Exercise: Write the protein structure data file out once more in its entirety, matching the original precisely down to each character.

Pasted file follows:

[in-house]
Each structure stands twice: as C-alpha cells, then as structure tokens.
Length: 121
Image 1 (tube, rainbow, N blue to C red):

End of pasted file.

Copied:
[in-house]
Each structure stands twice: as C-alpha cells, then as structure tokens.
Length: 121
Image 1 (tube, rainbow, N blue to C red):